Tuesday, May 18, 2010

…my response, Or, oh no you di’nt

First, if you haven’t read Steve’s previous post, do that now for the context…
Ok, so I must say I’m in the “I like this book” camp. I did find it slow going at first, and it’s definitely not a light-hearted beach read for sure, but there’s a draw in its connection to Oz. And that’s what I’m here to discuss now.
Like most books set in fantastical lands, to enter a completely different world is a little discombobulating. It’s not just realizing and accepting that the characters are human or talking Animals, it’s feeling comfortable in the caveats that are this strange world. Which in this case happens to be Oz. But it ain’t your mother’s Oz, or no, this is an Oz in political turmoil and strife. So part of its appeal (or drawback) is the political thriller angle. And I love how this makes sense, being that (some speculate) The Wonderful Wizard of Oz was written by Baum as a political allegory. So we get our first tie with the original here.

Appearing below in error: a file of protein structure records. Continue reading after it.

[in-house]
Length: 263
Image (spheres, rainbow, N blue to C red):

Also, it’s great to read a story from an entirely different perspective. I mean, so yeah, if you only watch the movie the wicked witch seems pretty evil, but it’s cool to read about the reasons she did the things she did. How absurdly awesome is it that her sister doesn’t have any arms? Who comes up with this stuff? So I guess I’m fascinated with the story’s depth. We get glimpses, and realize there’s so much more than that to everything about Oz. We couldn’t possibly learn all about it from just one book (or one lost girl from Kansas), and that’s what makes it so realistic (in a fantasy sort of way), but also what makes it possibly have some loose ends. I say take those loose ends and throw them behind the curtain with the mysterious man. Wicked has to be one of the best back stories ever written about one of the most recognizable characters of all time.

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